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What is Epoxy?

The components of epoxy are mixed just prior to use.
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  • Written By: Malcolm Tatum
  • Edited By: Bronwyn Harris
  • Last Modified Date: 26 June 2014
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Epoxy is best known as a type of durable glue that provides a high level of bonding properties that are far superior to most ordinary paste style glues. Generally sold in a two component package that requires mixing just before use, epoxy is used to securely bind a number of different types of metals, plastics, and woods.

Created to provide both bonding powers and a hard layer of protection, the basic elements of epoxy are derived from petroleum products. One of the basic components is usually polyepoxide is bisphenol-A, which helps to provide some of the bonding efficiency of the glue. Epichlorohydrin is another key element, and helps to provide the substance with a hard layer that is resistant to humidity, moisture, and extreme hot and cold temperatures. The combination of the hard coating coupled with the strong bonding agents makes this adhesive the ideal choice to use with metals that undergo a lot of stress, such as the hulls of airplanes and the metal plating that is found on most ships.

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Epoxy can also be used in the construction of wood furniture. Not only does it function to secure sections of the frames, it also can be used as an ingredient in the finishing varnish to create a layer of protection that is not only attractive but will help preserve the integrity of the piece for many years. In like manner, the glue is often used to mend fiber cuts in telephony networks, since it has the ability to bind fiber wiring and create a seal on the polymer casing. Often, it is this combination of superior protection and the ability to restore broken object to productive use that make the product so attractive.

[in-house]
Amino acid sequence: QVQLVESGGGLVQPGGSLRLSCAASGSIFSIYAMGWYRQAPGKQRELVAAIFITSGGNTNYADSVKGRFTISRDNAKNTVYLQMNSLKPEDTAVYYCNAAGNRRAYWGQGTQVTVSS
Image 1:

There are many uses for epoxies around the home as well. As a hardener that will create a strong bond, it can be used to repair the joints in antique picture frames, as well as mend table legs that may have begun to wobble with age. While the versions that are marketed for home use are formulated differently from those that are industrial strength, the glue is still strong enough to handle most household repair jobs.

Epoxy is usually mixed just before it's used. Two separate chambers containing the necessary elements are combined, then applied to the broken piece. Some brands are formulated to dry quickly often within 30 minutes, with others creating a solid bond in no more than six minutes.

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Discuss this Article

OeKc05
Post 8

If you need to disassemble something that was attached by epoxy, then you can use epoxy solvent. It breaks the bond and lets you remove the pieces without having to damage them.

My sister ordered some epoxy solvent after she saw that she needed to fix some issues with her model car. The solvent had to be shipped via a truck, because it is considered too hazardous for air travel. I would have been afraid to touch it if I were her!

Oceana
Post 7

I used epoxy paint to make my garage floor shiny. It was really dull and gray before, but now, it looks so new! Also, the epoxy will protect it from damage, so it should look that way for many years.

I had some epoxy paint left over after I finished, and my neighbor asked if he could use it. He loves to fish, and he wanted to coat his fishing lures with it. I guess that shiny things attract fish better!

feasting
Post 6

@healthy4life – Epoxy fumes can be dangerous. My uncle had to work with liquid epoxy for years, and he developed asthma because of this.

Epoxy messes with your airways, and it irritates your lungs when you inhale it. If you have to be around it for extended periods of time, you will develop respiratory problems, like my uncle did. It's always best to leave the room whenever possible.

healthy4life
Post 5

I remember my dad using epoxy adhesive when building his model airplanes and helicopters. This had become a big hobby for him, and his shop was often filled with the strong smell of epoxy.

He used it to bind wooden pieces together. I can remember him crashing the airplanes several times and using the epoxy to put the broken parts back together.

It smelled like strong chemicals, and I often had to leave the room after he applied it. I'm not sure if it was dangerous to breathe the fumes, but I really didn't want to be around them.

anon278678
Post 4

Does Acrylic Epoxy Resin stick to Teflon?

anon163696
Post 2

what epoxy types are used in water towers?

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